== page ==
Guest Commentator: Ian Perler (Mr. Philly Real Estate), Licensed Sales Agent, Star Real Estate Group @MrPhillyRE; member of YPC’s Advisory Board; and Co-Chair of YPC’s Volunteer Committee

How can we ensure that all neighborhoods—and neighbors—benefit from an expanding real estate market?

During the past eight years working in Philadelphia real estate, I’ve had a front-row seat to our city’s growth. While there have been ups and downs, the real estate market continues to be a strong one in most neighborhoods. Most.

What does it take for job growth, housing values and economic opportunity to impact all our neighborhoods?

From my vantage point, the PHL Neighborhood Growth Project that’s led by the Chamber offers a smart mix of proposals. As I see it, the two biggest things city government could do to spread sustainable growth to all neighborhoods are:

  1. Invest in local commercial corridors, which drives block-level revitalization, and
  2. Improve the quality of education—still one of the biggest factors home buyers consider when making their decision.

The NGP addresses both effectively. It calls for creating a Neighborhood Renaissance Fund to invest in exactly the kinds of local commercial districts and main streets that have brought revitalization to neighborhoods across the city.

Consider how Passyunk’s housing market took off. First came the entrepreneurial, risk-taking small businesses, restaurants and shops, started by those with a vision for their community and access to the kind of capital needed to realize this vision. Soon, visitors came, then those looking to live near this increasingly vibrant corridor.

It’s a model that’s worked in other neighborhoods, too, like Fishtown and Point Breeze. There’s no reason, with the right investments, it couldn’t happen in other places as well.

Money for the Neighborhood Renaissance Fund would come from tailored reforms to the city’s 10-year property tax abatement.  The abatement has been a controversial policy that some credit for the city’s current building boom, while others blame for accelerating the worst side effects of redevelopment. Focusing the funds from the abatement to help NRF, in my opinion, is the key to promoting a strong housing market and neighborhood growth throughout the entire city.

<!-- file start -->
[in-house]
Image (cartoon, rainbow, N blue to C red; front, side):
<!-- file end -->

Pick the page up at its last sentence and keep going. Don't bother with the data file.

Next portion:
I understand both sides, but think the NGP agenda strikes the right balance of reforms to the abatement while  generating and channeling new revenue where it’s needed most. Read more about NGP and its other Policy Pillars.

I also support the NGP agenda because of the specific proposed reforms to education funding and workforce development programs—all to improve transparency, stability and the overall performance of our city’s education and job training systems.

At its heart, the NGP is about supporting smart investments in local neighborhoods and the people who live there. This agenda is an important contribution to the ongoing debate about how to make Philadelphia’s economic growth more robust, more equitable and ultimately more sustainable. I commend the Chamber for taking up this charge.

The Chamber’s PHL Neighborhood Growth Project will bring Philadelphia’s business community, civic leaders, neighborhood organizations, and residents together with city government in an all-hands-on-deck effort to fight for shared prosperity in every corner of the city.

Stand with us and support our inclusive, pro-growth agenda:

  • Join our coalition – Join the growing coalition of organizations and businesses in support of NGP
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